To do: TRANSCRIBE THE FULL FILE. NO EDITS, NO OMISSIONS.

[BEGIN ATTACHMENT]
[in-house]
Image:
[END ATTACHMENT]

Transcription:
[in-house]
Image: